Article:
- Extending time validity of ESMA’s temporary product intervention powers: ESMA’s product intervention measures currently only last for a short-term period (3 months – although this period will be increased to 6 months from 1 January 2022) and reviews for extension is resource intensive and burdensome for both ESMA and the NCAs. Additionally, ESMA notes that there are divergences in product intervention measures taken by different NCAs, particularly where permanent national measures diverge from temporary ESMA ones. ESMA recommends consolidation of temporary measures into permanent ones by the European Commission, or alternatively extending ESMA’s powers to allow the introduction of temporary product intervention measures for 18 months.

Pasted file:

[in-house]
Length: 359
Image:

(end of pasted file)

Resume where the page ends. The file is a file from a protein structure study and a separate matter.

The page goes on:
- Interaction of national product intervention measures: Article 42(1) MiFIR permits NCAs to take product interventions measures “in or from” their Member State, which ESMA suggests means that an NCA has the possibility to take measures that only apply in that Member State (and not from), and vice versa. Confusion also arises where Member States take overlapping product intervention measures. ESMA advises the Commission to clarify the application of product intervention measures to firms acting on a cross boarder basis and how those measures will be supervised and enforced.